How to ignite new ways that realize the mission of educating public servants
Public policy schools were founded with the aim to educate public servants with academic insights that could be applied to government administration. And while these programs have adapted the tools and vocabularies of the Reagan Revolution, such as the use of privatization and the rhetoric of competition, they have not come to terms with his philosophical legacy that describes our contemporary political culture. To do so, public policy schools need to acknowledge that the public perceives the government as the problem, not the solution, to society’s ills. Today, these programs need to ask how decision-makers should improve the design of their organizations, their decision-making processes, and their curriculum in order to address the public’s skeptical mindset.
I recently attended a public policy school, Columbia University’s School of International and Public Affairs (SIPA), hoping to learn how to bridge the distrust between public servants and citizens, and to help forge bonds between bureaucracies and voters who feel ignored by their government officials. Instead of building bridges across these divides, the curriculum of my policy program reinforced them—training students to navigate bureaucratic silos in our democracy. Of course, public policy students go to work in the government we have, not the government we wish we had—but that’s the point. These schools should lead the national conversation and equip their graduates to think and act beyond the divides between the governing and the governed.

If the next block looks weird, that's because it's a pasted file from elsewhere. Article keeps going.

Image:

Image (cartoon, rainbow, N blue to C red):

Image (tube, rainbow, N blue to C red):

Most U.S. public policy programs require a core set of courses, including macroeconomics, microeconomics, statistics and organizational management. SIPA has broader requirements, including a financial management course, a client consulting workshop and an internship. Both sets of core curricula undervalue the intrapersonal and interpersonal elements of leadership, particularly politics, which I define as persuasion, particularly within groups and institutions.
Please select this link to read the complete article from The Stanford Social Innovation Review.